Hiroaki Tanaka

Chapter 5. Integrated Disaster Risk Management from the Perspective of Human Security Engineering

There is an urgent need to establish integrated policies against natural disasters on a worldwide basis; however, there are various reasons, which prevent the society from taking decisive action. This chapter introduces the trend of recent natural disasters, and discusses a basic disaster risk management and governance framework from the perspective of human security engineering. It addresses the constituent elements of disaster risk, how human behaviors are related with natural disaster risks, and what types of policy measures are available for disaster risk management. In addition, it introduces the CAUSE model as a framework of disaster risk governance. In reality, there are frequent situations where it is unclear who manages disaster risk, to whom the disaster risk relates to, and what are the disaster risk problems faced by the stakeholders. Various roles of communication, which are placed in the central position of CAUSE model, are clarified and an explanation is provided on how this leads to a proper establishment of disaster risk governance among stakeholders.
Hirokazu Tatano, Mamoru Yoshida

Chapter 6. Community Dimension of Human Security in Urban Context

Human security is an emerging concept that has gained interest in the last 15 years. Human security is concerned with reducing and, when possible, removing the insecurities that plague human lives. The human development approach, pioneered by visionary economist Mahbub ul Haq (under the broad umbrella of the United Nations Development Programme), has done much to enrich and broaden development literature. Human development is concerned with the removal of various hindrances that restrain and restrict human lives and prevent people from thriving. Human security is a concept that supplements the expansionist perspective of human development by focusing on what are sometimes called the “downside risks”. Human security, like human development, highlights the social dimension of sustainable development’s three pillars: environment, economy, and society. Although there are recent investigations on the broader perspective of human security from a “security” perspective, there are very few investigations on the community dimension of human security. This chapter summarizes some of the emerging issues at the community level, focusing on the urban context, and provides examples of tools and approaches of community involvement at the city level. Citing examples from an Asian context, the chapter focuses on innovation in community approaches to enhance support for disaster risk reduction and environmental improvements, thereby contributing to human security.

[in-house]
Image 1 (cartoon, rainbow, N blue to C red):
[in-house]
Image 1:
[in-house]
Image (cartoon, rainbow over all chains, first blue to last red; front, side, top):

Rajib Shaw

Chapter 7. Asset Management

Many national or local governments and public enterprises that operate and manage infrastructure are attempting to introduce asset management approaches to carry out efficient infrastructure maintenance and repair activities amid funding constraints. This chapter discusses the asset management framework that is compatible with the concept of ISO5500X. ISO5500X is an asset management process standard and does not prescribe concrete asset management technology. A de facto standardized asset management system is under development that implements a statistical deterioration model using the Markov deterioration model among others, and has been applied to pavement asset management operations in Japan. The chapter illustrates endeavors to set up international asset management platforms in Vietnam and other Association of Southeast Asian Nations countries.
Kiyoshi Kobayashi

Chapter 8. Human Security Engineering Education Program

It is not an overstatement to say that whether practical results are obtained depends on the qualities of leaders, irrespective of the field. A human security education program should foster the young generation as leaders by providing them with a solid foundation of both basic knowledge and the ability to structure problem-solving by strengthening their own capabilities and relating problems to one another from a human security perspective. The curriculum of Japan’s Kyoto University human security engineering education program, where an overseas internship is strongly recommended as a mode 2 discipline, is provided as an example. Factors that should be considered in the administration of an education program are discussed, and the experiences of some program graduates are included.
Minoru Yoneda